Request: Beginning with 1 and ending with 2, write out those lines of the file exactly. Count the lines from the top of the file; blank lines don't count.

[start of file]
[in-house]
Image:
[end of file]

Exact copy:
[in-house]
Image: